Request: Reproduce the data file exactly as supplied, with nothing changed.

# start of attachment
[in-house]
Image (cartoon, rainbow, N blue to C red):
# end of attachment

[in-house]
Image (cartoon, rainbow, N blue to C red):